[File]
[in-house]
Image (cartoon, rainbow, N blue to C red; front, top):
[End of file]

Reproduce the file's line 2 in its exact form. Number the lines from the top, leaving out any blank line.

Image (cartoon, rainbow, N blue to C red; front, top):